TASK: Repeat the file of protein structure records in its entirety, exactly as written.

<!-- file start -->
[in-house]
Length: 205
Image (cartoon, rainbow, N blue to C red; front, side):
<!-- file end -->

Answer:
[in-house]
Length: 205
Image (cartoon, rainbow, N blue to C red; front, side):